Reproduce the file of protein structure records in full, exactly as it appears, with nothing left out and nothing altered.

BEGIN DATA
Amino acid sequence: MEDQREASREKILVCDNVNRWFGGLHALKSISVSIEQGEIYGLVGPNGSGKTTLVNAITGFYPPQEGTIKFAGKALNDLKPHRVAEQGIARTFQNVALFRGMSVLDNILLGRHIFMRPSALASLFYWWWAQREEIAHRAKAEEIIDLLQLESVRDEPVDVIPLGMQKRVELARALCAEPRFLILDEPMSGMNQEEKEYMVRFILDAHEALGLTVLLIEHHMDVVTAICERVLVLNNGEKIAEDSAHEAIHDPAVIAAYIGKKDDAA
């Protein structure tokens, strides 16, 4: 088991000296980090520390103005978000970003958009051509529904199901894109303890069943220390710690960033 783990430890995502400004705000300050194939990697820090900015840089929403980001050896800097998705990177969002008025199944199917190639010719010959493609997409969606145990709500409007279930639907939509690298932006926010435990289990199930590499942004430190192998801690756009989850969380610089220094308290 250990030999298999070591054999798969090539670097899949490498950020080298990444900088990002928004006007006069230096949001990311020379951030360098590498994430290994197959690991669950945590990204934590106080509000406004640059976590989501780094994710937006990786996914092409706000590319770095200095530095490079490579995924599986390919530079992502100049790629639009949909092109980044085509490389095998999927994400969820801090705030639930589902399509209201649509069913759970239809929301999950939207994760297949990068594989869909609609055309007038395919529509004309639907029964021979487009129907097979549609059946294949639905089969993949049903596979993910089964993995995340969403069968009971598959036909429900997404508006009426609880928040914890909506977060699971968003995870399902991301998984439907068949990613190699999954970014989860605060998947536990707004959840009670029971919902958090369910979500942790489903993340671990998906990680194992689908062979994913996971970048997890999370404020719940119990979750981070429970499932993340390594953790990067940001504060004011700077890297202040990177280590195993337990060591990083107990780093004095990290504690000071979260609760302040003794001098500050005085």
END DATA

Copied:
Amino acid sequence: MEDQREASREKILVCDNVNRWFGGLHALKSISVSIEQGEIYGLVGPNGSGKTTLVNAITGFYPPQEGTIKFAGKALNDLKPHRVAEQGIARTFQNVALFRGMSVLDNILLGRHIFMRPSALASLFYWWWAQREEIAHRAKAEEIIDLLQLESVRDEPVDVIPLGMQKRVELARALCAEPRFLILDEPMSGMNQEEKEYMVRFILDAHEALGLTVLLIEHHMDVVTAICERVLVLNNGEKIAEDSAHEAIHDPAVIAAYIGKKDDAA
């Protein structure tokens, strides 16, 4: 088991000296980090520390103005978000970003958009051509529904199901894109303890069943220390710690960033 783990430890995502400004705000300050194939990697820090900015840089929403980001050896800097998705990177969002008025199944199917190639010719010959493609997409969606145990709500409007279930639907939509690298932006926010435990289990199930590499942004430190192998801690756009989850969380610089220094308290 250990030999298999070591054999798969090539670097899949490498950020080298990444900088990002928004006007006069230096949001990311020379951030360098590498994430290994197959690991669950945590990204934590106080509000406004640059976590989501780094994710937006990786996914092409706000590319770095200095530095490079490579995924599986390919530079992502100049790629639009949909092109980044085509490389095998999927994400969820801090705030639930589902399509209201649509069913759970239809929301999950939207994760297949990068594989869909609609055309007038395919529509004309639907029964021979487009129907097979549609059946294949639905089969993949049903596979993910089964993995995340969403069968009971598959036909429900997404508006009426609880928040914890909506977060699971968003995870399902991301998984439907068949990613190699999954970014989860605060998947536990707004959840009670029971919902958090369910979500942790489903993340671990998906990680194992689908062979994913996971970048997890999370404020719940119990979750981070429970499932993340390594953790990067940001504060004011700077890297202040990177280590195993337990060591990083107990780093004095990290504690000071979260609760302040003794001098500050005085």